When weather conditions are dry, it is a good time to explore ways to conserve water. Organic material is essential to good soil. Well-decomposed organic matter helps increase water and nutrient holding capacity of the soil. Undecomposed material like leaves and clippings used as surface mulch can help conserve moisture and keep weeds under control. Nematodes, those little microscopic worms that feed on your roots, will do less damage in a high organic soil. Organic matter may also increase the minor element and microbiological activity of your soil.
For these reasons, save your grass clippings and leaves. They are like money in the bank. You can store these materials in a corner of the garden. Decay of plant material deposited in a compost pile can be hastened through the use of fertilizer.
For each bushel of leaves, grass clippings or pruning tips, add two cups of balanced fertilizer and one cup crushed coral or hydrated lime. Build the compost pile in layer-cake method, a layer of plant material 6 inches deep. Continue until the pile is. feet high or so. After the pile shows signs that decay is well under way, usually four to five weeks, mix the pile by turning it over. A pitchfork would come in handy at this point. The compost is ready to use in about three months. It is an excellent material to mix with soil for vegetable gardens and new plantings.
Anthurium especially thrive on well drained compost mixed with volcanic cinder. They love that high organic, well-aerated mix with good water retention capability, yet good drainage. A good mix needs to be able to anchor the roots and stem so that the plant will not topple over as it grows upward yet provide sufficient moisture, nutrients, and aeration to the plant. Cinder or crushed rock added to composted wood shavings, sugar-cane bagasse, macadamia nut shells, or peat or tree bark will serve to better anchor the roots.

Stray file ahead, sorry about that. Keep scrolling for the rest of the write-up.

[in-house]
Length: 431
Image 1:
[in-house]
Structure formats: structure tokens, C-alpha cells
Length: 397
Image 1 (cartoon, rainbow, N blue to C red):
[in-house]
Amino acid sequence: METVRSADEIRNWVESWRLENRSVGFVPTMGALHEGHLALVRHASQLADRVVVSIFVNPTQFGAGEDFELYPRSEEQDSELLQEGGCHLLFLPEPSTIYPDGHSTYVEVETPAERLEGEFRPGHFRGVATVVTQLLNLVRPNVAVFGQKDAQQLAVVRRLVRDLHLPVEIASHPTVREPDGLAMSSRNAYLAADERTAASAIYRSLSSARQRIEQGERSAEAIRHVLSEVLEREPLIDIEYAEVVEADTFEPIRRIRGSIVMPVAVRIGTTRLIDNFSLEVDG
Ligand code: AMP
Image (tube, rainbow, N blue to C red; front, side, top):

Even with composting and mulching, you will still need to fertilize your garden. Some Hawaiian soils are very young and low in nutrients. Larger amounts of fertilizer are needed for growing plants and lawn grasses, than where soils are older and better developed. The soil is not only lacking in the primary elements, such as nitrogen, phosphorus and potassium, but it is deficient in the “minor elements” such as copper, zinc, and boron. When plants are grown in these mineral deficient soils and fertilized with ordinary plant foods, they often develop various deficiencies.
Several years ago, plant doctors studied these deficiencies and learned not only how to recognize the affected plants, but they learned also that they could be corrected by spraying with the mineral in which the plant was deficient. But what average gardener has the training that enables him to recognize deficiency symptoms in plants?
To overcome this problem, the nutritional spray was developed. It is a mixture that contains about all of the minerals in which a plant can be deficient. At first it was necessary to add lime in order to neutralize these solutions; but now garden stores have mixes that require no lime.
Some plants are more subject to mineral deficiencies than are other plants. Especially vulnerable to mineral deficiencies such as dieback, mottled-leaf, small-leaf and yellow-leaf are hibiscus, gardenia, mock orange, ixora, mangoes, avocados, macadamia, coffee and citrus.
Two to three times a year is usually enough to apply a nutritional spray. Commercial growers apply the nutritional spray as a preventive measure. It is easier to prevent deficiencies than to correct them. In new gardens, it may be necessary to apply a nutritional spray about every three months for the first year in order to keep ahead of deficiencies.
Along with the nutritional spray, it is a good idea to use a soil application of the minor elements. Magnesium, iron and zinc are the most important elements, but occasionally we find plants with boron, manganese, copper and other “trace” element deficiencies. There are several “shotgun” combinations available at your supply store. Certain plants require larger amounts of certain elements than other plants. As you get acquainted with our tropicals, you will find for example that iron is especially important on ixoras, hibiscus, azaleas, and gardenias or that magnesium keeps leaves of coconut and areca palms from getting orange-colored and dying prematurely. Zinc is the vital element in growing Queen palms, Royal palms and palms in the date group.
Increasing your soil organic matter and using a “shot gun” treatment as a spray or soil application or both will keep your plants from having these deficiencies under most conditions. Remember to follow directions on the label. Too much of the important plant nutrient materials can be as bad as too little!
For further information, contact the Hilo office at 959-9155 or the Kona office at 322-4893